2 June 2012 05:12 ET
The Queen is to attend the Epsom Derby later, launching a four-day weekend of events for her Diamond Jubilee.
The Queen is due to be driven down the course in an open-top car, there will be a Red Arrows display and Katherine Jenkins will sing the National Anthem.
The weekend’s main celebrations include the Thames pageant involving 1,000 boats on Sunday, and Monday’s concert in front of Buckingham Palace.
There will be events UK-wide to mark 60 years since the Queen’s accession.
On the final day of the weekend, the Queen will attend a national service of thanksgiving at St Paul’s Cathedral, before thousands of well-wishers are expected to line the route of a formal carriage procession back to Buckingham Palace.
Diamond Jubilee: Key events
The main weekend events to mark the Queen’s Diamond Jubilee include:
- The Queen attends the Epsom Derby
- Katherine Jenkins sings the National Anthem and a Red Arrows display takes place
- The Thames Diamond Jubilee Pageant – featuring 1,000 boats escorting the Queen and Duke of Edinburgh – takes place from 14:00 BST
- The Big Jubilee Lunch takes place across the UK
- The BBC’s Jubilee concert takes place, featuring performances by Sir Paul McCartney and Madness
- At 22:00 BST, more than 4,000 beacons will be lit around the world to mark 60 years of the Queen’s reign. The Queen lights the National Beacon at 22:30 BST
- A national service of thanksgiving takes place at St Paul’s Cathedral at 10:30 BST, attended by the Queen and the Duke of Edinburgh
- A lunch at Westminster Hall and a carriage procession to Buckingham Palace is planned, with a balcony appearance by the royals, and fly-past, at 15:30 BST
The Royal Family will then make a balcony appearance at the palace.
On Friday, roads in central London were closed in the early hours as members of the armed forces and the Household Division were among 2,000 servicemen and women rehearsing the carriage procession from Westminster Hall.
And crews of the 1,000-strong flotilla that will escort the royal barge along the Thames on Sunday were briefed.
The start of the celebrations was signalled by a 21-gun salute from Royal Navy warship HMS Diamond, in Portsmouth, Hampshire.
And tributes were paid to the Queen on Friday by Prime Minister David Cameron and the Archbishop of Canterbury Dr Rowan Williams.
In an interview with Sky News, Mr Cameron said: ” What I see in Her Majesty is someone – in spite of the fact she’s been on the throne for 60 years, in spite of the fact that her and Prince Philip are now relatively elderly – there is an extraordinary level of physical energy, mental energy, and above all devotion to her people, to the institutions of this country, to the way our democracy works.”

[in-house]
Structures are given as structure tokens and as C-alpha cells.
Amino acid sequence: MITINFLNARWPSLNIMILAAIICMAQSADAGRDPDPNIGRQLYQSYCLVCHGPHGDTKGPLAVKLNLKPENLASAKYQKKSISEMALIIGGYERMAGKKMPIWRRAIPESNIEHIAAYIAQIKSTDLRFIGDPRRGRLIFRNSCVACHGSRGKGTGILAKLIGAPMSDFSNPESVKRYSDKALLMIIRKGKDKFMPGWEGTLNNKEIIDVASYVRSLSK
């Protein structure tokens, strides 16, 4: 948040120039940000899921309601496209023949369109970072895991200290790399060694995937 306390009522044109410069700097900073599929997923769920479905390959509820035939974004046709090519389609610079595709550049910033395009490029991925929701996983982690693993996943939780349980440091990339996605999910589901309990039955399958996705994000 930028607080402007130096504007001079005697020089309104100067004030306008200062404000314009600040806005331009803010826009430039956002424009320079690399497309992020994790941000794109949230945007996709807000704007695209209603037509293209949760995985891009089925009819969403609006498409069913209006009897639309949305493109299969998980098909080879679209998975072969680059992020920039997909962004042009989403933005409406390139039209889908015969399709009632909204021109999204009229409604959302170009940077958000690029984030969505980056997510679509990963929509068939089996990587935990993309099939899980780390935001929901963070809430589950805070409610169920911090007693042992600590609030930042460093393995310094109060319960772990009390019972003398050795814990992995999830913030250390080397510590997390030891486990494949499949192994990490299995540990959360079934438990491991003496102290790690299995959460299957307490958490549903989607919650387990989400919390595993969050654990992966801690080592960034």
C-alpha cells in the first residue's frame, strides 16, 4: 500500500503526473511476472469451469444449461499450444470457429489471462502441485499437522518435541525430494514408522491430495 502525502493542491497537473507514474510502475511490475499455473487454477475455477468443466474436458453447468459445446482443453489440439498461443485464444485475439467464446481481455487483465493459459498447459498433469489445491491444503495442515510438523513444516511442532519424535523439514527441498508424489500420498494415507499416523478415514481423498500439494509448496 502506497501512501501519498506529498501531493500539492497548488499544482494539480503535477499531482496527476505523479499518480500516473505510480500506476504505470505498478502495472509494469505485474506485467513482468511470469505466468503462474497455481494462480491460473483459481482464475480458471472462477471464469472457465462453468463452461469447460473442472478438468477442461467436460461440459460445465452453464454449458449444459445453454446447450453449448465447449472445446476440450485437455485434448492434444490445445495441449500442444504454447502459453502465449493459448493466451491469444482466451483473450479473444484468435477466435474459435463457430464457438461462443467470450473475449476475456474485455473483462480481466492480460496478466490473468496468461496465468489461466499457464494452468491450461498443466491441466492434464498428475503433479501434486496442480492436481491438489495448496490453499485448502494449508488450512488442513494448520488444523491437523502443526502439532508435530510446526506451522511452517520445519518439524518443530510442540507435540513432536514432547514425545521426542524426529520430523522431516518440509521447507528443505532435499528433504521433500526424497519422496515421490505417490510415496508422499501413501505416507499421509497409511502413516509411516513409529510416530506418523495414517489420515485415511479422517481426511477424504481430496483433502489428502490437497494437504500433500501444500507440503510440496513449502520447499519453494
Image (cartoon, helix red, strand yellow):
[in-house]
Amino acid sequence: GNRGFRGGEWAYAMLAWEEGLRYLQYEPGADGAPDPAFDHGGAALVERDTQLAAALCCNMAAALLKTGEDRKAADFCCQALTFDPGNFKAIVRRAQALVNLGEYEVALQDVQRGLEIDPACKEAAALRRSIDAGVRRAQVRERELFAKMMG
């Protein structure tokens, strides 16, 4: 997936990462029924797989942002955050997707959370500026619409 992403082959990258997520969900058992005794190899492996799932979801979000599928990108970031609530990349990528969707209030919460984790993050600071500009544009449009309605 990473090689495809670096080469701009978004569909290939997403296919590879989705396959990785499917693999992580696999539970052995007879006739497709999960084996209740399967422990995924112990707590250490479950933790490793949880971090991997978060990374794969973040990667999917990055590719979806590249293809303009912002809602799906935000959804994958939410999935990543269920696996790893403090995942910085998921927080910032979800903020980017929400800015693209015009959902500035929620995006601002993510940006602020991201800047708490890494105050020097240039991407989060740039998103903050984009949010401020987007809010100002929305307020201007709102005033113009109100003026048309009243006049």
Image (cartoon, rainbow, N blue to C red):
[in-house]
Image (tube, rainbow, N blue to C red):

Dr Williams issued a video tribute to the Queen, praising her as “someone who can be friendly, who can be informal, who can be extremely funny in private – and not everybody appreciates just how funny she can be – who is quite prepared to tease and to be teased, and who, while retaining her dignity always, doesn’t stand on her dignity in a conversation.”
Labour leader Ed Miliband said the weekend’s festivities would celebrate “everything that is best about our country” and praised the Queen’s “selfless dedication to duty”.
Millions of Britons are expected to take part in Jubilee parties, outdoor concerts and fairs being staged across the country over the weekend.
It’s a fitting start to the Jubilee weekend. The Queen adores the Derby – it’s rumoured that when the royal diary is drawn up the Derby is the first date put in. The Queen would normally come to Epsom in a private capacity but this year her attendance has become the first official royal engagement of the Jubilee weekend.
Horse racing is a well-documented passion of the Queen. She comes to Epsom not just as a spectator, but as a real expert from breeding, training and racing to perhaps even a bit of betting. She’ll watch the races from the royal box but she’ll also be down in the paddock and in the winners’ circle over the course of the afternoon.
The Queen’s passion for the Derby could also be put down to the fact a winner has always eluded her. It’s the Classic she’s never managed to win. And there’ll be no Diamond Jubilee fairytale today as there is no royal runner in this years field.
The closest the Queen could get to a winner may be via the Middleton family. Carole Middleton is a part owner of Sohraab which is racing at Epsom this afternoon.
On Sunday, in what is being called the Big Jubilee Lunch, people all over the UK are being encouraged to share lunch with neighbours and friends in street parties or picnics to bring communities together.
Monday’s concert, in front of Buckingham Palace in the area surrounding the Queen Victoria Memorial, will see performances from artists including Dame Shirley Bassey, Sir Elton John, Jessie J, JLS and Ed Sheeran.
The concert will be broadcast live on BBC One, BBC One HD and on BBC Radio 2 in the UK and to millions around the world.
When it ends at 22:00 BST, more than 4,000 beacons are due to be lit in the UK and around the world.
The Queen lights the UK’s last beacon – the National Beacon – at about 22:30 BST, to be followed by a firework display at Buckingham Palace.
The weather forecast is poor for the official celebrations and street parties in the south of England.
Light rain is expected on Saturday, while the next day’s Jubilee river pageant along the Thames could be doused in rain with temperatures reaching a high of 11C, according to BBC Weather.
The north of England and Scotland are the most likely areas to avoid the rain.
Queen Elizabeth II was born on April 21st, 1926 according to http://en.wikipedia.org/wiki/Elizabeth_II
April 21st, 1926
4 + 21 +2+0+1+2 = 30 = her personal year (from April 21st, 2012 to April 20th, 2013) = Blessed. Thankful. Appreciative. Clothing. Style. Fashion. Attire. Wardrobe.
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